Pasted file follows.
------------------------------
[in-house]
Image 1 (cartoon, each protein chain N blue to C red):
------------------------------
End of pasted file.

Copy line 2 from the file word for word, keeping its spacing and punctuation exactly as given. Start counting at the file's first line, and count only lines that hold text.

Image 1 (cartoon, each protein chain N blue to C red):